Saturday, August 04, 2012

Sticking and Reading

I have just narrowly avoided supergluing two of my fingers together while gluing som draught excluding stuff to the bottom of the door. Offsprog Two and myself have been painting and decorating and I have also spectacularly failed in an attempt at making a raspberry cake.
There's a huge pile of books on the floor, some academic (we haven't had access to the campus during the Olympics so half of my books are here) and some not. As usual I have been plundering local charity shops for crime novels. One, by Lynda La Plante, was so racist that I read it till the end, expecting some sort of ironic twist that never materialised. I read a jolly dark book by Ruth Rendell.. I'm halfway through Max 'battle of' Hastings' autobiography; I got a bit stuck in the bit where he indulges himself in a lot of war stories as told by his relatives. I am also halfway through Women and Madness by Phyllis Chesler,which is an unnerving read for any woman born in the middle of the 20th century; when husbands tired of their wives even in the early part of that century and before, it was common practice to declare them mad and have them committed to an asylum. Having earned this label a mere five years ago, I count myself very lucky to have been born when I was. The book is informative and frightening in equal parts, although the references to the classical stories of gods and goddesses don't add anything to its discourse. It is an essential read and was given to me by Caroline Coon, who was given one in turn by Yoko Ono.
On the academic front, Allan Moore's book Song Means is at the top of the pile; high time someone did it and I'm glad it was he. There is a book called Beautiful Trouble  so I can learn to be politically active, The Great Animal Orchestra by Bernie Krause, a collection of writing called White Riot and also a book, still in my car, that I bought second hand in a quirky pub in Brighton: Dave Haslam's book about Manchester. And I have just finished The Psychopath Test by Jon Ronson, a very useful book as it makes you realise just what a waste of time it is trying to reason with psychopaths, who are readily recognisable from a series of traits that psychologists have identified- and who are disturbingly common in powerful business environments like banking, politics and the like.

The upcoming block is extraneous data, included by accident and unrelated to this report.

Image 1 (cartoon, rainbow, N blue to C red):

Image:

All these books... it's the rain! I have a lot of writing to do as well, and sometimes reading the opposite of what I should be writing seems to help.
However, The Great St Trinians Train Robbery is chugging away on the screen, George Cole at his finest bossing fake schoolgirls about, and that's fun. So toodle pip for now!


Monty said...

I'd always preferred George Cole as Arfur' Daley!

A Glue Specialist said...

What type of glue did you use! was it that Evo-Stick stuff, Bostic, or contact adhesive,and if i was you i'd contact the manufacturer. PS. Don't inhale the fumes

Nick Campbell said...

Really loved your write-up of last night's Liz Fraser gig. My boyfriend and I were in a funny state for the first few songs, trying to work out why it didn't feel as good as it ought to be. You pinpointed the truly wonderful good things, and the iffy things obscuring them, perfectly. Thank you. I also wanted to recommend The Tiger in the Smoke (read only last week) as a truly sublime crime novel for bad weather.

Helen McCookerybook said...

Thanks Nick- I'll read it!